Biosphere 2 crew will emerge today


September 26, 1993|By Los Angeles Times

ORACLE, Ariz. -- If God had been a Texas billionaire, the Garden of Eden might have looked like Biosphere 2 -- a wilderness under glass with a tiny ocean, where the chosen few can stroll to a desert, a tropical forest or a video conference center without leaving the house.

Exactly two years ago today, eight men and women locked themselves inside a glistening $150 million greenhouse, in an unprecedented experiment in human ecology: the development of a completely sealed, self-sustaining test-tube Earth.

Today, the so-called "Biospherians" will emerge in matching flight suits to the strains of Vivaldi's "Four Seasons." The eight will have set a record for living in a closed system -- breaking one previously held by a team of Russian researchers.

The crew's stint as the fauna in the world's largest terrarium completes the shakedown cruise of what project officials say is an open-ended ecology experiment that will last a century, to investigate the processes that sustain life on Earth and the pollution that threatens it. Their findings also may aid the design of future space colonies. A new crew plans to seal itself in the Biosphere next year.

Nearly self-sufficient

Nestled in the high desert outside Tucson, the crew came close to their goal of complete self-sufficiency as they managed about 3,800 species of plants and animals in 3.15 acres of interconnected enclosures. They raised 88 percent of their own food, recycled all their waste and almost all their air and nurtured a self-sustaining ocean ecosystem, project officials said.

Funded largely by Houston oil billionaire Edward P. Bass, the controversial project was a jarring mixture of serious science and New Age eco-kitsch.

There are $13 guided tours of the grounds, and souvenir stands hawk $17 Bio-2 T-shirts, $42 Biosphere watches, cans of Rain Forest Crunch, bottled "Bio-water," and fabric globes called "Hugg-A-Planet." The site is surpassed only by the Grand Canyon as Arizona's most popular tourist attraction.

In the backdrop, the project has weathered charges that it is a hoax or the product of a religious cult obsessed with Mars, as well as considerable criticism over the absence of verifiable scientific controls.

In January, six months after formally raising concerns over the project's scientific credibility and project leaders' penchant for secrecy, the Biosphere board of outside science advisers resigned en masse.

When crew members do emerge today, they will be greeted by a crowd of enthusiasts and a wad of talk show invitations, including requests from "Nightline," "Good Morning America," "Donahue," "Maury Povich" and Jay Leno's "Tonight Show." Two speakers' bureaus have been hired, and a book is already in galleys.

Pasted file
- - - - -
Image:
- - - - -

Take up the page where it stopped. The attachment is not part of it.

The four men and four women will step into the limelight thinner, healthier, hungrier and, after two years in the half-light of their self-contained ecosystem, paler. While visitors can dine on lobster and leek bisque at the Biosphere Cafe, crew members have been living on a subsistence diet of about 2,200 calories a day.

Abigail Alling, 34, who tends the miniature Biosphere ocean, cheerfully confessed that she has been sustained by fantasies about her first post-Biosphere feast, "starting with a chilled glass of white wine, then bread, salad, the main course, cappuccino. . . ."

Gasping for air

The crew also may be dizzy when they step outside -- not from public attention, but from richer oxygen content and lower carbon dioxide levels in the air outside the habitat.

No sooner was the crew sealed inside its new world than the biosphere started evolving an atmosphere that readily supported life -- but not human beings, project scientists said.

Oxygen levels slowly dropped to about two-thirds the normal level found in air. By last January, the oxygen level had fallen below 14.5 percent -- about equal to the level found at an altitude of 13,400 feet. "Plants do very well at lower oxygen levels. We animals don't do so well," said Mark Nelson, the 46-year-old co-founder of the venture.

That's when project officials outside the Biosphere intervened. They pumped in new oxygen.

Perhaps the most significant achievement of Biosphere 2 is the engineering that isolates it. Two mammoth bellows-like lungs allow air inside to expand and contract without shattering the glass enclosure, as the internal temperatures shift from 65 to 95 degrees every day.

The building has an annual leak rate of less than 10 percent a year. By comparison, NASA's space shuttle, designed to sustain life in the near vacuum of space, leaks like a sieve -- 50 times the rate of the Biosphere.

Scientists skeptical

Some NASA scientists are skeptical. They want to see the hard data.

"The Biosphere is not what you can call controlled experimental research," said William Knott, chief of the biological sciences office at NASA's Kennedy Space Center, which researches self-replenishing habitats for astronauts.

Mr. Knott said he questioned the way Biosphere officials had calculated the leak rates and wondered whether such claims could be substantiated.

The ability to seal the world in a bottle is what makes the Biosphere 2 an important scientific tool, said the project's research director, John B. Corliss. For the first time, he said, scientists will be able to set up controlled experiments to explore the planet's complex ecology

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